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EULAR 2021 – Day 2 Report

Jun 04, 2021 11:10 am

During Day 2 there were great sessions devoted to RA, spondylarthritis, fatigue and more.  Here are some of my highlights from Day 2.

  • Elderly Can Safety Receive Biologics and JAKs: OP0116 -Strangfeld and coworkers looked at the safety or infectious risks when biologics or JAK inhibitors (JAKi) are used in the elderly.  Often the elderly (>70 yrs.)  are not given biologics and advanced therapies, presumably because of their comorbidities, cost issues and the fact that age itself is a risk factor for serious infectious events (SIE). They analyzed the German RABBIT (RA) registry (2001-2020) that includes RA patients starting DMARDs, biologics or JAKi’s.  This included 2274 elderly RA patients, and 425 elderly patients developed 616 SIE. Elderly patients receiving biologics had a longer disease duration and more disease activity than those on conventional DMARDs.  A range of 62-73% of patients had 3 or more comorbidities. While elderly RA patients had more SIE (6.6 SIE per 100 PY) than non-elderly RA; there was no difference in SIE rates based on therapy when comparing those elderly treated with DMARDs, TNFi, RTX, IL-6 inhibitors, ABA or JAKi (Hazard Ratios ~0.9; nonsignificant).  However, factors that did raise SIE risk included comorbidities and high disease activity more so than glucocorticoids.
  • Spacing TNF Inhibitors in SpA – Far out!  OP0138 – Lukas presented data on the feasibility of TNF inhibitor (TNFi) tapering in spondylarthritis (SpA) patients who are in stable low disease activity (BASDAI < 4 for >60 mos.).  This was a noninferiority trial with a 12 mos. endpoint.  A total of 398 patients were enrolled and 91. 5% completed the trial. Overall, they found that 83% were successful at tapering at 1 year.  The low disease activity state was maintained in 91.5% of those on continued therapy and 88% of those who spaced out their TNFi (noninferior).  Adverse events were not described.  ASDAS remission rates were not calculated. Lastly, this was not an imaging trial, so the osteoarticular consequences of longer interval therapy is unknown.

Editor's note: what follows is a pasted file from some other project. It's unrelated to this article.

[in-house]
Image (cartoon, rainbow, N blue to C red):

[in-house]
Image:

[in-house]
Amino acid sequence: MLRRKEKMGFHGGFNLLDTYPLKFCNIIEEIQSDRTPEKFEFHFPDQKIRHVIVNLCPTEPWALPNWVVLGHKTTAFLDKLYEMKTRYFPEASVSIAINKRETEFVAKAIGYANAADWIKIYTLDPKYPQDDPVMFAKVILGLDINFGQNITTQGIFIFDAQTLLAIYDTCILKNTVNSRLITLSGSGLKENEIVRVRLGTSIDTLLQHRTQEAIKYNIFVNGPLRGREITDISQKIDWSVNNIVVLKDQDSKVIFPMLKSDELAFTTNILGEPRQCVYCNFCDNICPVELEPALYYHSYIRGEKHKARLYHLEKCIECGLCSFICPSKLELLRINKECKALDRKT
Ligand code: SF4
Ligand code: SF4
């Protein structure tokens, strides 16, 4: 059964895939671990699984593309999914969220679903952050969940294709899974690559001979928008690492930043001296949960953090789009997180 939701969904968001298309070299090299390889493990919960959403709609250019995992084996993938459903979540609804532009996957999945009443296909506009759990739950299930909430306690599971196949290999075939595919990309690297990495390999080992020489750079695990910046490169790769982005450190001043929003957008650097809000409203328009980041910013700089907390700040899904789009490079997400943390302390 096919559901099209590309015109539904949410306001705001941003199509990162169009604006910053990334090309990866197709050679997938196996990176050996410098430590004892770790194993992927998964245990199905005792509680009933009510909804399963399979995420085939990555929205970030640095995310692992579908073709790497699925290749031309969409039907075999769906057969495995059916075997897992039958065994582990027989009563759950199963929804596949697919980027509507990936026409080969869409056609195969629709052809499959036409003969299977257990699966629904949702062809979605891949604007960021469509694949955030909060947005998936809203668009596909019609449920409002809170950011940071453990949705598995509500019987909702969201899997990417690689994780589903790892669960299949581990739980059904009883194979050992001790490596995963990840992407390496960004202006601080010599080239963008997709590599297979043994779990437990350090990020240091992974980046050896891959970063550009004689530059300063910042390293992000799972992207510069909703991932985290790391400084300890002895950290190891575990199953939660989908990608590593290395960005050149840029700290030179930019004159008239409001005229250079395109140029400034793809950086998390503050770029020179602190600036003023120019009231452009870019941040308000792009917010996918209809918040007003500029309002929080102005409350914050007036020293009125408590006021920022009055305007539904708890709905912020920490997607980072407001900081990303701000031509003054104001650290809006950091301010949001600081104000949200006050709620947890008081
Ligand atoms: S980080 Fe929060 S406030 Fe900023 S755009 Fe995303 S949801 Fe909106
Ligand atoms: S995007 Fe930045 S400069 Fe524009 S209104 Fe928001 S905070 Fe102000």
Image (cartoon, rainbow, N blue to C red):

• Seropositive RA Shows Better Abatacept Retention: OP0180.  The ASCORE trial was a prospective study of abatacept (ABA) in RA patients. A total of 1748 EU patients were enrolled and followed for 2 years.  Patients who were double positive (RF+/CCP+) had better CDAI and DAS28 outcomes than double negative (RF-/CCP-) patients. Importantly, double positives had better ABA drug retention over time, such that the 2-year drug survival of ABA was better in double positive compared to double negative patients (50% vs 37%).  This effect was most pronounced in those receiving first line therapy and less so in those who were biologic failures.

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